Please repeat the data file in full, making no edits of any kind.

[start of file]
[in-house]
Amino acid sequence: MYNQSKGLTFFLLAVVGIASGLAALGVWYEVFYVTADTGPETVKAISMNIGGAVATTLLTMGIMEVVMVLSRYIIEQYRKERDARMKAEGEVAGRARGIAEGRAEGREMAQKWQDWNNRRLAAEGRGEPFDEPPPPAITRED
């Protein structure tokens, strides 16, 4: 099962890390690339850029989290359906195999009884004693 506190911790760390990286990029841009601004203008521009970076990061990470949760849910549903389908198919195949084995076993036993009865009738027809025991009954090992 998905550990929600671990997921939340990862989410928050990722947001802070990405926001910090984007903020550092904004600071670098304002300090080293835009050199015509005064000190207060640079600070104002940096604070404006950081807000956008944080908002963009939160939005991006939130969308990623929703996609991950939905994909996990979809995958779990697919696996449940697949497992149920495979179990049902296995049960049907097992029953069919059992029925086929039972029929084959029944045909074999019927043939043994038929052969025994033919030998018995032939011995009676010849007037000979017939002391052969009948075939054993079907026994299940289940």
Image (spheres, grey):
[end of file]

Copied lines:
[in-house]
Amino acid sequence: MYNQSKGLTFFLLAVVGIASGLAALGVWYEVFYVTADTGPETVKAISMNIGGAVATTLLTMGIMEVVMVLSRYIIEQYRKERDARMKAEGEVAGRARGIAEGRAEGREMAQKWQDWNNRRLAAEGRGEPFDEPPPPAITRED
């Protein structure tokens, strides 16, 4: 099962890390690339850029989290359906195999009884004693 506190911790760390990286990029841009601004203008521009970076990061990470949760849910549903389908198919195949084995076993036993009865009738027809025991009954090992 998905550990929600671990997921939340990862989410928050990722947001802070990405926001910090984007903020550092904004600071670098304002300090080293835009050199015509005064000190207060640079600070104002940096604070404006950081807000956008944080908002963009939160939005991006939130969308990623929703996609991950939905994909996990979809995958779990697919696996449940697949497992149920495979179990049902296995049960049907097992029953069919059992029925086929039972029929084959029944045909074999019927043939043994038929052969025994033919030998018995032939011995009676010849007037000979017939002391052969009948075939054993079907026994299940289940």
Image (spheres, grey):